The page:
We use Endsleigh and have been pretty happy with them – http://www.endsleigh.co.uk/Travel/Pages/travel-insurance.aspx
Safety at night/in the gloom
This sounds a little daft, but is something B and I talked about afterwards and were glad we did. When we climbed the foot of the mountain behind the cabin (more on that below), both B and I had a torch with us. When we split up (I had to sit and wait because my boots were treachery and he went to check on our friends), we were able to check in with each other regularly using torch flashes.
There are about a million reasons why climbing that mountain and then splitting up were a bad idea. Fortunately, B team has very similar thought patterns, so we were both coming up with the same contingency plan in our head of what we would do if something bad happened on the mountain.
Because of the wind, sound didn’t carry. We couldn’t talk to each other and not everyone had a mobile. The torches were a great way to communicate over the distance.
If you are going to go out on stupid adventures, agree in advance what to do if you split up. Make sure everyone has a torch and knows how to get home. Make your contingency plan and make sure everyone knows it. It sounds daft and you may get a funny look, but it is literally a five minute conversation that could make a huge difference. Be sensible!!
Seeing the lights
Our friend discovered this website, which we checked religiously – http://www.gi.alaska.edu/AuroraForecast/Europe/2013/10/23
You’ll get the hang of when it’s worth rushing outside and when you can just… stay inside and keep warm.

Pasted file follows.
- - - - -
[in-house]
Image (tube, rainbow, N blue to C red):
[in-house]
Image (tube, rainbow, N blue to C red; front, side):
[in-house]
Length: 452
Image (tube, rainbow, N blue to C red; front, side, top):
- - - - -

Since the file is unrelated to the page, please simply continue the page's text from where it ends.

We got quite practiced at the layer situation. Layers are key in keeping you warm long enough to see beautiful lights.
There is no guarantee you will see the lights. We didn’t see anything Friday or Saturday night and were getting a little sad, then Sunday night the sky lit up like something out of the Snowman. We also set alarms religiously the first few nights, getting up regularly to check to see if there were any lights.
Oldervik is such a beautiful place in itself, it was a great place to go for a break. If we hadn’t seen the lights, we would have been disappointed… but I think we’d probably just save up and go again.
We climbed the foot of the mountain behind the cabin. Because my boots decided that they didn’t want to grip anything, I sat and waited for the others for a while as they climbed up higher. There was a bit of a wind, so when they went beyond about 20 metres the sound of their voices didn’t carry any more. It was such a hauntingly timeless and beautiful place. Can’t properly put it into words, but I hope to remember that moment in time until I die.
Phil’s fun facts about Tromsø:
- It’s the second largest city/urban area inside the arctic Circle, and sits 350Km within the Arctic Circle
- It is home to the world’s Northern most University (and therefore the world’s Northern most student bars!)
- Officially, the average Dec temp is -3.3 and the average Jan temp is -5.5, with 0 and 3 hours of sunlight a month, respectively
- Crampons are recommended for walking round town during winter
- During WW2 it was temporarily the Capital of Norway
- Staying there and getting around in all that snow, ice and darkness will probably be lethal for a couple of us
Fortunately, we survived.
Allied forces were quite active in the region during World War II. If you’d like to know a little more about the Arctic Convoys in Norway, please click here – http://www.rmg.co.uk/whats-on/exhibitions/arctic-convoys/